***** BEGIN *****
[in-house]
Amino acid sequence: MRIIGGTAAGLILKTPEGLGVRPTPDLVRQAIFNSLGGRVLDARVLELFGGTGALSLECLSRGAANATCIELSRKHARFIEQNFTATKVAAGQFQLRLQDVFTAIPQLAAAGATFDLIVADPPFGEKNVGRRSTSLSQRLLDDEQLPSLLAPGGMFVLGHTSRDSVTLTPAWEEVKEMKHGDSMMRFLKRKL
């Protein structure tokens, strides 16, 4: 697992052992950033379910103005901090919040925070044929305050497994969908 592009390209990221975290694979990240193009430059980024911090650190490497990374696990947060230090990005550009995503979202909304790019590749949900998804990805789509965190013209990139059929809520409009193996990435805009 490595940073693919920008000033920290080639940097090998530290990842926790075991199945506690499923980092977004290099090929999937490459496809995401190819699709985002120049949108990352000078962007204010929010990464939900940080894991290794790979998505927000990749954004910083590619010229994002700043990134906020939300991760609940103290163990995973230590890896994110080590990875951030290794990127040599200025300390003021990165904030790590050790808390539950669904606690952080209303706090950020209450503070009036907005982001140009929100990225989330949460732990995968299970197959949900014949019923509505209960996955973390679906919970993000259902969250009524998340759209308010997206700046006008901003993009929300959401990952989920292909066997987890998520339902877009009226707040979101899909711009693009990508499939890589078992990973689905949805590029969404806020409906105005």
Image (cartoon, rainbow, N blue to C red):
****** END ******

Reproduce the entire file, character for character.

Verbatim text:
[in-house]
Amino acid sequence: MRIIGGTAAGLILKTPEGLGVRPTPDLVRQAIFNSLGGRVLDARVLELFGGTGALSLECLSRGAANATCIELSRKHARFIEQNFTATKVAAGQFQLRLQDVFTAIPQLAAAGATFDLIVADPPFGEKNVGRRSTSLSQRLLDDEQLPSLLAPGGMFVLGHTSRDSVTLTPAWEEVKEMKHGDSMMRFLKRKL
């Protein structure tokens, strides 16, 4: 697992052992950033379910103005901090919040925070044929305050497994969908 592009390209990221975290694979990240193009430059980024911090650190490497990374696990947060230090990005550009995503979202909304790019590749949900998804990805789509965190013209990139059929809520409009193996990435805009 490595940073693919920008000033920290080639940097090998530290990842926790075991199945506690499923980092977004290099090929999937490459496809995401190819699709985002120049949108990352000078962007204010929010990464939900940080894991290794790979998505927000990749954004910083590619010229994002700043990134906020939300991760609940103290163990995973230590890896994110080590990875951030290794990127040599200025300390003021990165904030790590050790808390539950669904606690952080209303706090950020209450503070009036907005982001140009929100990225989330949460732990995968299970197959949900014949019923509505209960996955973390679906919970993000259902969250009524998340759209308010997206700046006008901003993009929300959401990952989920292909066997987890998520339902877009009226707040979101899909711009693009990508499939890589078992990973689905949805590029969404806020409906105005």
Image (cartoon, rainbow, N blue to C red):